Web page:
This is a compact handlebar. The drop is 13cm, which for me feels just right for a performance all-day handlebar – as in, deep enough to fight a headwind but not too deep that you can't use the drops comfortably with 100 miles in your legs (and back).
The reach is in keeping with that shallow drop, at a relatively short 73mm.
The bar flares by 4 degrees, which equates to a centre to centre width of 44cm across the drops.
The flattened top section is 4cm at the deepest point, and curves around to just behind the hoods. This makes for super-comfortable hand positions all across the top.
Installing this handlebar is made as easy as it can be. The diameter of the drops is just small enough that shifters slide on easily – no worries about scuffing up that precious carbon. Also, the white height markers on the sides make it easy to line up both shifters in the same place and at the same angle; that can be a fiddle on handlebars that don't have this scale.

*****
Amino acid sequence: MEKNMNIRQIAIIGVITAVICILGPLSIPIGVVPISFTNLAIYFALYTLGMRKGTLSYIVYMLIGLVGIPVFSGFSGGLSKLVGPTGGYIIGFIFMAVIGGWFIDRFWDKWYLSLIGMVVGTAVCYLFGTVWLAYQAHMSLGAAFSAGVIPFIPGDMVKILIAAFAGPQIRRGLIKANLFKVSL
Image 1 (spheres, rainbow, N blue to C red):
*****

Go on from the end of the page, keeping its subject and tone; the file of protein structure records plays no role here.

The texture of the carbon is rough where it interfaces with the stem and shifters, and smooth everywhere else. That rough texture, combined with the sachet of mounting paste the handlebar comes with, ensures that everything stays in place at the recommended torque settings.
Underneath the flats there is a channel that is wide enough to fit a cable outer and a hydraulic hose, tucking both out of the way effectively. The exit angle is well judged for a nice cable run onto the down tube without touching the head tube.